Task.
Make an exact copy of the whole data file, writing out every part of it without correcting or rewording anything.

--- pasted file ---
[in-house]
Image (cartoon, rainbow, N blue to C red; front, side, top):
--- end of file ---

[in-house]
Image (cartoon, rainbow, N blue to C red; front, side, top):